Clifford Lone’s view of World War I – James Clark – 17 November 2014

This is basically a true storey based on the diaries of two Chesterfield lads called Clifford Lone and Jimmy Tate.  Jimmy was 15 years old when he lied about his age and signed up.

James Clark donned the uniform of an army private of WW1 and demonstrated the basic equipment and weapons issued to a “Tommy” in front of a spell bound audience.  He gave a background indication of the crude propaganda circulating in the press at the beginning of the War that was believed by much of the British population.  So Clifford and Jimmy volunteered to fight to stop the Germans from bayonetting babies and then roasting and eating them.  They had little idea where Belgium was but sought adventure beyond the confines of a Chesterfield foundry.

James explained how soldiers were rotated from about a day in the front trenches to 1 to 2 weeks in the support trenches (250 yards behind the front) to 1 to 2 weeks in the reserve trenches followed by a month in a training area before returning to the front.  He demonstrated the early gas mask that steamed up so that vision was very poor and the later small box respirator that was better but meant that beards were unpopular because a tight fit was needed around the neck.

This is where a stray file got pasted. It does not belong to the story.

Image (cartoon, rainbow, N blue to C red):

James accepted that initially the British Generals did not change their tactics in the face of appalling loses of men because this was a new type of warfare and alternative approaches were not obvious.  As the war progressed however better tactics were developed and totally new organisation, training and equipment were used.  At the start of the war, Germany adopted a defensive strategy for the Western Front whilst they attacked in the East.  This meant that they dug deep and their sleeping quarters were protected from heavy bombardment whereas the Allies were attacking so regarded their trenches as only temporary and therefore more susceptible to German bombardment.

James gave moving accounts of the actual battles in which Clifford Lone fought.  It was a very informative and enjoyable, thought provoking talk.